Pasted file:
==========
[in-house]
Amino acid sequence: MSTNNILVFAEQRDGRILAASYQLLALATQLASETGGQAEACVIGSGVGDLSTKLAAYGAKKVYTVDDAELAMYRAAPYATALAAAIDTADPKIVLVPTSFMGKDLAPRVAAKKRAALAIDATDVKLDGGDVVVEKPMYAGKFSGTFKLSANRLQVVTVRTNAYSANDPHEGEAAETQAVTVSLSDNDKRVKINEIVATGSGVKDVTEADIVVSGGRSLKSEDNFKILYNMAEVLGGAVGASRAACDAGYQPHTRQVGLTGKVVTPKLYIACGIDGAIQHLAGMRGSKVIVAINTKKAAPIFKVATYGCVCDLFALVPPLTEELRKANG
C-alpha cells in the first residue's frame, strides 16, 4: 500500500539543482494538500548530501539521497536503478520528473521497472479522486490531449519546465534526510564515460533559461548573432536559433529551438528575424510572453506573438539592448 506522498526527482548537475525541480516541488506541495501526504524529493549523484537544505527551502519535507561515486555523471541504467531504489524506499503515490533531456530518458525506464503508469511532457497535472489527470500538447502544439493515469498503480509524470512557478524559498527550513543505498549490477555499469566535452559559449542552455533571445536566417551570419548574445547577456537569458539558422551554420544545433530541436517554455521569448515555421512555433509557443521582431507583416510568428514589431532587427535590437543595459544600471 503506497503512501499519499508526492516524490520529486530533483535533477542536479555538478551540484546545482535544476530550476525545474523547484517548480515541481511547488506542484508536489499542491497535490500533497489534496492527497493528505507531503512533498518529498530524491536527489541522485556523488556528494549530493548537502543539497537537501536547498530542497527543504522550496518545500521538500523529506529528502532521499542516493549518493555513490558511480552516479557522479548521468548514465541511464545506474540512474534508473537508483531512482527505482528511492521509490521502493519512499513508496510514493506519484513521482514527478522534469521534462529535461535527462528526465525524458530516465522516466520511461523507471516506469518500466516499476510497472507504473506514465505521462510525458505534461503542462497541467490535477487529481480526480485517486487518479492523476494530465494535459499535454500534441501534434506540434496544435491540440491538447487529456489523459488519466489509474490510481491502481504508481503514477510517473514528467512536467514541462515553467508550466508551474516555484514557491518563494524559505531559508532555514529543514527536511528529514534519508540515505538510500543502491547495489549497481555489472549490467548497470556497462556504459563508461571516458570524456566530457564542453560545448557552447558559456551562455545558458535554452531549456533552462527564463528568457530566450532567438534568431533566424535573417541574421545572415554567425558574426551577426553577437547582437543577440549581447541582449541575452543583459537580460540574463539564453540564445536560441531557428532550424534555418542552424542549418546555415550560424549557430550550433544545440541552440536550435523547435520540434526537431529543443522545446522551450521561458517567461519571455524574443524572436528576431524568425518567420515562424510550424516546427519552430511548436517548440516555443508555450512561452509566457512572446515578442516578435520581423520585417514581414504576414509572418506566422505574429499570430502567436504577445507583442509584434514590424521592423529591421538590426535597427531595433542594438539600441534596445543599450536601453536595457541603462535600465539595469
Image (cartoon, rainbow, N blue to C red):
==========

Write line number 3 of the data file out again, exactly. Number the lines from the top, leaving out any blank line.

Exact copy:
C-alpha cells in the first residue's frame, strides 16, 4: 500500500539543482494538500548530501539521497536503478520528473521497472479522486490531449519546465534526510564515460533559461548573432536559433529551438528575424510572453506573438539592448 506522498526527482548537475525541480516541488506541495501526504524529493549523484537544505527551502519535507561515486555523471541504467531504489524506499503515490533531456530518458525506464503508469511532457497535472489527470500538447502544439493515469498503480509524470512557478524559498527550513543505498549490477555499469566535452559559449542552455533571445536566417551570419548574445547577456537569458539558422551554420544545433530541436517554455521569448515555421512555433509557443521582431507583416510568428514589431532587427535590437543595459544600471 503506497503512501499519499508526492516524490520529486530533483535533477542536479555538478551540484546545482535544476530550476525545474523547484517548480515541481511547488506542484508536489499542491497535490500533497489534496492527497493528505507531503512533498518529498530524491536527489541522485556523488556528494549530493548537502543539497537537501536547498530542497527543504522550496518545500521538500523529506529528502532521499542516493549518493555513490558511480552516479557522479548521468548514465541511464545506474540512474534508473537508483531512482527505482528511492521509490521502493519512499513508496510514493506519484513521482514527478522534469521534462529535461535527462528526465525524458530516465522516466520511461523507471516506469518500466516499476510497472507504473506514465505521462510525458505534461503542462497541467490535477487529481480526480485517486487518479492523476494530465494535459499535454500534441501534434506540434496544435491540440491538447487529456489523459488519466489509474490510481491502481504508481503514477510517473514528467512536467514541462515553467508550466508551474516555484514557491518563494524559505531559508532555514529543514527536511528529514534519508540515505538510500543502491547495489549497481555489472549490467548497470556497462556504459563508461571516458570524456566530457564542453560545448557552447558559456551562455545558458535554452531549456533552462527564463528568457530566450532567438534568431533566424535573417541574421545572415554567425558574426551577426553577437547582437543577440549581447541582449541575452543583459537580460540574463539564453540564445536560441531557428532550424534555418542552424542549418546555415550560424549557430550550433544545440541552440536550435523547435520540434526537431529543443522545446522551450521561458517567461519571455524574443524572436528576431524568425518567420515562424510550424516546427519552430511548436517548440516555443508555450512561452509566457512572446515578442516578435520581423520585417514581414504576414509572418506566422505574429499570430502567436504577445507583442509584434514590424521592423529591421538590426535597427531595433542594438539600441534596445543599450536601453536595457541603462535600465539595469